On Writing : Unpaid screenplay by John Mangan

It's Introduce Yourself Weekend on Stage 32! Who are you? What have you been working on? We want to know! Head over to the Introduce Yourself Lounge and network with your fellow creatives - you never know when you'll make a connection that will change your career!

John Mangan

Unpaid screenplay

Hello everyone. Very new to screenwriting but I've done a lot of stage plays. My question relates to an original screenplay I wrote and which actually got made, albeit in a mangled form. It was so low-budget the producers decided not to pay me for the script and used what would have been my fee to finish making the film, swearing they would pay me once it was released. They didn't ask permission. They just did it. I've never received a penny. even after three years. Now, given they ruined my script with their changes and I wasn't paid, I'm wondering whether the entire story, characters etc are now mine to do as I like. I would really like to adapt my script into a novel and. perhaps one day, have someone else go through the process of making a film out of it. Does anyone know where I stand with this or can recommend a resource where I can find out? Thank you.

Owen Mowatt

I'm no expert on said subject, but I'm pretty sure that if you didn't sign anything to say that you are giving away or selling the intellectual properties, then they still belong to you.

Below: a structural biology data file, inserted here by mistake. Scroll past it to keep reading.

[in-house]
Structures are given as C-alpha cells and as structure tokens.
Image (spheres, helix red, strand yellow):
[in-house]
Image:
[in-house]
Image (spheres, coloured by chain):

Tennyson Stead

This isn't a conversation to have with a fellow screenwriter, it's one you need to have with a lawyer. Whether you still own the script depends, I would think, on which country you live in. Local copyright laws are different in the UK than they are here in the States or in Canada. Don't rely on legal advice from screenwriters on a website, sir. Call some attorneys, explain your situation, and ask if they will consult with you.

John Mangan

Jeff E. Gregory . Sorry this is late. I had a deadline for a play. No the script had an agreed fee amount (I didn't sell the rights for £0.00) and that was stated on the contract. They just never paid it. The script is protected by WGAW and the film came out pretty quickly after filming but I've decided this is too complicated to proceed further without a lawyer. Thanks for all the thoughts.

John Mangan

Tennyson Stead I agree with you. I'll be talking to a lawyer in the new year and I'll report back

Robert Franklin

Call lawyer!

David E. Gates

Here in the UK, if you wrote the words you own the copyright unless you've specifically signed an agreement that relinquishes that copyright to them. Did they credit you on the film for the script they used? If they did, that's an admission they should be recognising your contribution and pay up on the fees. Though, I suspect they may use some creative accounting to get around that. How similar is the final film to your script? If it's very obvious it's from your script, then you'd be in the same boat. Probably worth talking to a solicitor and maybe firing off a letter requesting the fees be paid pending court action (if it's below a certain amount, you could take them to the small claims court). Once someone gets a summons through their door, they tend to change their attitude somewhat. Good luck! Let us know how you get on!

John Mangan

Hello David. No, I never relinquished the copyright. The film was 95% my script as written but it's never made enough money to pay me anything as the result was a bit of a mess. I will talk to a solicitor once I'm finished with my latest stage play which is opening on Monday. Thanks for the advice.

Other topics in Authoring & Playwriting:

register for stage 32 Register / Log In